Power rests with the Executive
Some say that power lies with the political executive - the elected government.
+ Members of the government develop policies and take bills to parliament, and most of these becomes laws that govern the entire nation. So they have the power to change we live.
+ They have power because they control the agenda/timetable of the legislature.
- Power lies with the official executive civil service, that draft/administer/implement decisions. Because of their ability can exert influence over departents.
- Legislature (pariament) has the power...they have the ability to make/amend laws'.
- Judiciary have power because have to interpret the laws and decide how to apply them.
- European Union have got a lot of power now, and the political executive do not have any control over the laws made by EU.
- Has to answer to the 'people', during elections. So it could be argued that in actual fact people have more power than the executive, as the exectuive is decided on by the electorate, and if they dont like something government are doing they can protest - meaning that the government are held responsible for their actions and so have to make bills etc. that the majority of the electorate will approve of (if they want to stay in government). PRESSURE GROUPS? NSMS?
- As part of our EU membership had to devolve Wales, Ireland and Scotland --> less power than used to have.
Power lies with the Official Executive
Official Executive=civil service.
+ Has power because they are responsible for administering and implementing laws made by parliament.
+ They advise ministers (Can influence them?)
+ Prepare/draft discussion documents/legislation.
- Can not 'make' laws, that power lies with the legislature (parliament), meaning their power is limited?
- Could be argued that the judiciary have more power, because they decide on how to interpret/apply laws administered by the official executive.
- EU means that the official executive do not administer/implement all of the UK's laws e.g. human rights.
- Devolved Wales,Ireland and Scotland - less power?
Because of all of this they have often been called a mandarin power.
Power rests with the Legislature
- The legislature is parliament.
- Parliament has the House of Commons and the House of Lords.
+ The doctrine of Parliamentary Sovereignity means that they can make/amend/unmake laws.
- Can only debate/vote on the bills given to it by the Executive, so this limits the legislatures power as they are unable to make their own laws.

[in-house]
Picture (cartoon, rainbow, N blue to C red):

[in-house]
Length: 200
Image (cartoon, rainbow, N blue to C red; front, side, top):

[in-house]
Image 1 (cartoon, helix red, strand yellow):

- The timetable/agenda of the legislature is determined by the Executive.
- Some say that power in the UK has become centralised and now PM's etc. can hide their plans from cabinet members.
The Judiciary have a lot of power
- Judges are unelected, and some say their power has greatly increased in the past years.
+ They perform judicial reviews of the legality of government action.
+ Decide on how to interpret the laws of the legislature (power because can interpret law to get guilty/not guilty verdicts).
+ Get to decide on the lives of suspected criminals.
+ Unelected and so cannot be 'held responsible' by the 'people'.
People have the power!
This is a key argument of Pluralist sociologists.
+ Decide on who the executive are --> effects how the nation is governed/what happens.
- Elections only once every 5 years, and the UK has very few referendums. Means that the people have very little power, because they have very few opportunities to influence the decision-making. (the running candidates for elections don't always explain every part of manifesto, and never get chance to decide on these policies etc.)
Marxists and Power Elite theorists think that 'people' have very little power, and elections make no difference.
However Power Elite Theorist MOSCA thought that elites not hereditary, and so anyone could become an 'elite'. Could this be a way of 'people power'?
The EU have the most power?
+ Has powers over it's member countrys --> make decisions on economy/agriculture/environment/human rights.
+ Can make countries do the things they want by setting 'membership conditions' e.g. UK and devolution (Wales, Ireland, Scotland).